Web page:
But her present life in Melbourne’s northern suburbs feels settled. “Being here I really feel like I’m at home, and I haven’t felt that for a long time.” This is where she wrote many of the songs that appear on Laura Jean – a process that took more than three years. Several songs were conceived as instrumentals, to which she began adding words at the suggestion of The Drones’ Gareth Liddiard, whom Jean had originally intended to produce the album. It was an inversion of her normal practice; usually, she explains, the music is secondary to the lyrics. “It’s got to go with the [lyrical] idea – it doesn’t have to be the most amazing guitar line you’ve ever heard, it just has to feel right for the idea, and then the birth of the song happens.”

Jean’s writing is highly crafted. Though the finished songs sound like spontaneous confessions, she draws a careful distinction between herself, Laura Jean Englert, and the Laura Jean of her music. “Laura Jean is separate from my everyday person,” she says, “but I had to learn that — I had to learn it to protect myself.” We talk about the biographical fallacy so often applied to women artists; a presumption that creative work is drawn directly from life, free of editing or embellishment. “I use what I’ve learnt in my life,” Jean says of her songs, “but I’m using those experiences to express a complex idea, and a lot of people miss out on that because I’m a woman and I sing in a high voice, and I’m a folkie.”

The boundary between her personal and musical selves is most tested in live performance, where, Jean admits, “I feel like I’m going into battle. It feels exposing.” Jean and her band will tour the new album nationally this month, and she acknowledges contradictory impulses as a performer: on the one hand, a desire to connect with her audience on an emotionally truthful level, and, on the other hand, a self-preserving instinct that prevents her from taking on anyone else’s problems as her own. “People think that I can help them,” she says.

Laura Jean is closest in atmosphere to Jean’s second album, Eden Land (2008), while her third, A fool who’ll (2011), had a more country-rock feel, with prominent electric guitar. Jean does not regard her back catalogue as a continuous project – with each record, she pretends to herself that she is starting out. “Every time I finish an album I don’t presume that I’ll make another, and I don’t presume that I’ll write again.” She thinks of Laura Jean as being “more intuitive” than her previous recordings. Working with Parish, and with Norwegian musician Jenny Hval on backing vocals, Jean completed recording in just two weeks.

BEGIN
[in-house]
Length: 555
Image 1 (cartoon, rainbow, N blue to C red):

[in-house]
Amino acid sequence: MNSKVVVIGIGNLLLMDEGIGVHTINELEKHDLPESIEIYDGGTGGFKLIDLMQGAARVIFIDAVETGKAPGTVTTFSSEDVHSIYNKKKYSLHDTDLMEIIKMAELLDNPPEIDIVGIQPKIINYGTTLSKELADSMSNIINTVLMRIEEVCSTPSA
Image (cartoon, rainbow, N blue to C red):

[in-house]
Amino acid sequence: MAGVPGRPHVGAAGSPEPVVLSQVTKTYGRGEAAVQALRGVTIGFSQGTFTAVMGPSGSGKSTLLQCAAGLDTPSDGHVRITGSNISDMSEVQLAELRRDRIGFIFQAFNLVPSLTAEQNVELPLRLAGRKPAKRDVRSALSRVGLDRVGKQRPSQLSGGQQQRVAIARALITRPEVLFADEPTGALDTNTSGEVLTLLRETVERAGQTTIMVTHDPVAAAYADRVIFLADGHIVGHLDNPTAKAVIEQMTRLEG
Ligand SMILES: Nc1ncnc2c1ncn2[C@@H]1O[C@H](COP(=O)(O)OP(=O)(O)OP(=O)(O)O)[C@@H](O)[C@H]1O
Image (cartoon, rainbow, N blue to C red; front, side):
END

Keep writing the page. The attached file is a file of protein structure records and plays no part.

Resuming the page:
Hval, who also recently released an intriguing, experimental collaboration called Meshes of Voice with her compatriot Susanna Wallumrød, is a long-time friend of Jean’s. The texture of Hval’s vocals on Laura Jean was inspired, Jean says, by the prominent backing harmonies of pop music and R&B. Though folk music is Jean’s chosen form of musical expression, she doesn’t listen to much of it, and names Lana Del Rey, Solange, Beyoncé and Frank Ocean as influences on her current work, though you wouldn’t guess it from her sparse, acoustic arrangements. “I like good songwriting, but that doesn’t have to present itself as folk [music]. Good songwriting can happen anywhere.”

On ‘How Will I Know When I’m Home?’, Laura Jean’s second track, the narrator disavows the centrality of music to her life in a way that will resonate with any listener who has, when embarrassed, denied what is most important to them. “I still have some passions and some dreams / But, for now, music’s just my hobby,” Jean sings. The woman sitting here today – who tells me how, as a child, she made books of her own poetry as presents for family members – recognises that songwriting is “how I process my world, and it’s a part of what I have to do to live”. ‘How Will I Know When I’m Home?’ was written in this house, and the kelpie puts in an appearance. It is this quiet urgency that makes Laura Jean compelling. These songs might be homely, but they matter.

Anwen Crawford

Anwen Crawford is The Monthly’s music critic.